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State court rules pardon restores man's gun rights

Posted June 4, 2013

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— The North Carolina Court of Appeals, in a ruling issued Tuesday, upheld the interpretation that a pardon is a pardon as it applies to the right to possess a gun.

Lee Franklin Booth pleaded guilty in 1981 to one count of felony non-aggravated kidnapping. He had completed both his prison sentence and parole before Gov. Jim Hunt, in 2001, issued him a Pardon of Forgiveness.

The state argued that was not enough to restore Booth's gun rights because it does not absolve him of the crime. North Carolina has two types of pardons: pardons of innocence, which clear a person's name and record, and pardons of forgiveness, which are granted to those who are guilty of a crime.

In making his case, Booth's lawyers claimed that, because he had been pardoned, he should not be held to the law that prohibits felons from possessing firearms. The court essentially agreed that the Felony Firearms Act should not apply to his case.

The appeal came down to semantics, and the court found that in the statute which limits gun possession, the word "pardon" was unqualified.

"It is true that there are different types of pardons, but the word “pardon” in North Carolina General Statute § 14-415.1(d) is not modified by any adjective or other descriptive phrase and thus includes all types of pardons," the justices wrote.


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  • BernsteinIII Jun 5, 2013

    "He pleaded guilty to a felony....he shouldn't be able to own a gun as a convicted felon."

    Why if he served his time and paid back society?

  • whatelseisnew Jun 5, 2013

    THis is a bad ruling. The guy was guilty of a felony. Now had it been a white collar crime such as embezzlement, then I might agree with this decision, but this man is guilty of Kidnapping. I would not allow a proven kidnapper to have weapons.

  • 8points17seconds Jun 5, 2013

    I am pro gun but this is not someone that should had those rights reinstated. Do a little research.

  • moonpie Jun 4, 2013

    He pleaded guilty to a felony....he shouldn't be able to own a gun as a convicted felon.

    "North Carolina has two types of pardons: pardons of innocence, which clear a person's name and record, and pardons of forgiveness, which are granted to those who are guilty of a crime."

  • ekscholl Jun 4, 2013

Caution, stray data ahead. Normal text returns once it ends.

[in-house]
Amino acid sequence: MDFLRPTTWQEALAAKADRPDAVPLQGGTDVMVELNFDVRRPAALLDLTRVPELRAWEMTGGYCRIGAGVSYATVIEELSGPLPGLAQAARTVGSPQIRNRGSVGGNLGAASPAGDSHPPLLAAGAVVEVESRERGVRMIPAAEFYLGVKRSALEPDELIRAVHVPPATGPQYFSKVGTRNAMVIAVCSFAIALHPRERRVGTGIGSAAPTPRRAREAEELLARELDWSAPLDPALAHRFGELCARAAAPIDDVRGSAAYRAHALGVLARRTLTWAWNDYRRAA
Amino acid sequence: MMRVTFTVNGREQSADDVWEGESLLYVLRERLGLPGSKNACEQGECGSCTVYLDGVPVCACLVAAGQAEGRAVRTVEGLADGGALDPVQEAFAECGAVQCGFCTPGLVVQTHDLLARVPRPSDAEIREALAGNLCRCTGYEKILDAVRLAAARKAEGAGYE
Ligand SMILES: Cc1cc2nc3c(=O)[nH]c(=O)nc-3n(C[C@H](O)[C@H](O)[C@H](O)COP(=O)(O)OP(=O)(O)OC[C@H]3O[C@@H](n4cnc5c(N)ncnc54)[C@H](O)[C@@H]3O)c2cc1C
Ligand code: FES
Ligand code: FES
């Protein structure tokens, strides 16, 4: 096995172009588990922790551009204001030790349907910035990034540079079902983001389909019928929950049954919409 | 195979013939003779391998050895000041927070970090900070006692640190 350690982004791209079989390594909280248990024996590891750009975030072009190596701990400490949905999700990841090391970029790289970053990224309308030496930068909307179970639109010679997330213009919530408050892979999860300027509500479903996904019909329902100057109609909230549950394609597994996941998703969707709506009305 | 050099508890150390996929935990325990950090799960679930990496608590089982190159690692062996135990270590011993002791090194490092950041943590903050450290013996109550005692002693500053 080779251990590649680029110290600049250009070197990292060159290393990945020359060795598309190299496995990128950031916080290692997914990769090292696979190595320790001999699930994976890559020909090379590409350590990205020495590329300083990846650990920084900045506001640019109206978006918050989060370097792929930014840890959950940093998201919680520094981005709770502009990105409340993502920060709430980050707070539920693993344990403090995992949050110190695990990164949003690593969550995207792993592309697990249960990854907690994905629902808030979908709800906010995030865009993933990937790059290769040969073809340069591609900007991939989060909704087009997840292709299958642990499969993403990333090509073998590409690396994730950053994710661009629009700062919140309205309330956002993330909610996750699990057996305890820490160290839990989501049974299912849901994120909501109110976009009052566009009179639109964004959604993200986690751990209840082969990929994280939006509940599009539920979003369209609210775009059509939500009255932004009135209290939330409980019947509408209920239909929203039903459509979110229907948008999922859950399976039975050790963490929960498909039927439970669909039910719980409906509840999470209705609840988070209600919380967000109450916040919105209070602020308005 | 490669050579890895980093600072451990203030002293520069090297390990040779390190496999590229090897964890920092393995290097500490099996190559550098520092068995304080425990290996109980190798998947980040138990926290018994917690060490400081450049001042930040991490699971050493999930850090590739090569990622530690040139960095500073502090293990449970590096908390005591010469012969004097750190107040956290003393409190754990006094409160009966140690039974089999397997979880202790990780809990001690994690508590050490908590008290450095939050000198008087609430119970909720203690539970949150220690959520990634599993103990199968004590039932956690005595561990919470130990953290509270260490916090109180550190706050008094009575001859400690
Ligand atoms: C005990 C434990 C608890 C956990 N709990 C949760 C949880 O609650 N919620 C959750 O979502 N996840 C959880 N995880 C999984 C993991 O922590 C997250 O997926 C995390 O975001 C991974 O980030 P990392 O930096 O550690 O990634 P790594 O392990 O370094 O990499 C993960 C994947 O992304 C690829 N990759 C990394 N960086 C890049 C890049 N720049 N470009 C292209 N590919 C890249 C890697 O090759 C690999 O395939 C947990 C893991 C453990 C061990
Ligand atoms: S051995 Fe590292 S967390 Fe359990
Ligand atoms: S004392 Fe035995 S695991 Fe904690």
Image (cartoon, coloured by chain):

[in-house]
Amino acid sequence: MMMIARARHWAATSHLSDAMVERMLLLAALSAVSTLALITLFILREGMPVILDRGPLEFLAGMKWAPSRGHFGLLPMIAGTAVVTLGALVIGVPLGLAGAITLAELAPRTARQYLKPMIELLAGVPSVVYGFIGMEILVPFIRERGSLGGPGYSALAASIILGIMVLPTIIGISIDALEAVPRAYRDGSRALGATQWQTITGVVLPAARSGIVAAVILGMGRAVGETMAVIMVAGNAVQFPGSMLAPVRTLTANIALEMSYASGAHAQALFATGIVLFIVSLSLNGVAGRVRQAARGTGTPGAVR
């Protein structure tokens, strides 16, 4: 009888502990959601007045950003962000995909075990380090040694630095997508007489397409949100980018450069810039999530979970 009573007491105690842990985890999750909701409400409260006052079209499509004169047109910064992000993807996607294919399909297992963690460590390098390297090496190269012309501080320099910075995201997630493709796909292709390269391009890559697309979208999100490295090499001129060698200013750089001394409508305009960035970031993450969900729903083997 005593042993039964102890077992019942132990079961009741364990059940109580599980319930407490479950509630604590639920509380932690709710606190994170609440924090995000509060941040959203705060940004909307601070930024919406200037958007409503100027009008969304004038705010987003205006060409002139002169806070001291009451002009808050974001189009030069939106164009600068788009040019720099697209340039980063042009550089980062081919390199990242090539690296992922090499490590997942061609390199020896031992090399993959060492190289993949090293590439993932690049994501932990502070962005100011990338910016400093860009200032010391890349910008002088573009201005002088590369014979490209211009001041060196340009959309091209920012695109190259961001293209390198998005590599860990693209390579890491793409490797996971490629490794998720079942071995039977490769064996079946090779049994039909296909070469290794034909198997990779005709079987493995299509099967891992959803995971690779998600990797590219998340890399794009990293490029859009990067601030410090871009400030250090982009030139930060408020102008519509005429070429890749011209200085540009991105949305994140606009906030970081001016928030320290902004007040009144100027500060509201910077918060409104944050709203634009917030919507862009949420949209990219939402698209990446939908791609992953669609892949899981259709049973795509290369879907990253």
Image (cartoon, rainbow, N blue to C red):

The article fails to address the specific circumstances of the case of non-aggravated kidnapping. All of you commenting who are passing judgement without knowing all of the details of the case, are irrationally jumping to conclusions simply because you despise guns. Consider this: Let's assume the case involved Booth's biological child of which he did not have legal custody. For those that don't realize: non-aggravated kidnapping means that the child was not forcibly restrained or detained in any way during the kidnapping, indicating that maybe the child new the kidnapper. Family perhaps? In that case, all it would take is for the upset, but custodial, parent of the child to press charges. With that in mind, I would say that the article is a poor attempt to rile up more hatred toward guns and those that own them. Its appalling to see how many of you out there insist that it is a terrible decision to restore this man's gun rights without knowing all of the facts.

  • sinenomine Jun 4, 2013

    Pardons shouldn't be handed out lightly - absolutely true. Sell them to the highest bidder, like Bill Clinton did.

  • Alexia.1 Jun 4, 2013

    Along the lines of what Inter Alios said, I find it pretty sad and pathetic that a person's right to bear arms can be taken away simply due to a "felony". When I was a kid, I thought of a "felony" as something horrible like killing somebody. As I grew older, I discovered it can be for something as petty as operating a business without a business license. No harm intended, but "the law is the law", so people get felony records for all kinds of petty stuff these days.

    Is this the governments way to reduce the number of guns held by citizens? There is a world of difference between keeping guns out of the hands of dangerous people and the current law of keeping guns out of the hands of a person for what "felony" means.

  • Inter Alios Jun 4, 2013

    The North Carolina Court System does not have the authority to define the Governor's pardon authority, which is absolute, and which is granted by the N.C. Constitution. NC Attorneys General dating back to Rufus Edmisten having taken the position they had/have the authority to define the Governor's pardon authority. For years they have been advising the U.S. Bureau of Alcohol, Tobacco and Firearms that a NC Governor's pardon of forgiveness does not restore a convicted felon's right to have a firearm. Only recently has Roy Cooper been forced to say otherwise. There is simply no rational basis for denying the right to own a firearm to a 30 or 40 year old man who was caught with a felony amount (over 1 1/2 ounces) of marijuana when he was a 16 year old kid.

  • Lightfoot3 Jun 4, 2013

    "Today we need “new laws” but yesterday it was “enforce existing laws.” What will it be tomorrow?" - Black HelicoptersNFood Insurance

    If there are existing laws that address the situation (whatever it may be), then they should be enforced. If not, then new laws or law modication is needed. The two are not mutually exclusive.

  • my2cents-justsaying Jun 4, 2013

    Canons of construction people. That's what it boils down to. Law school 101.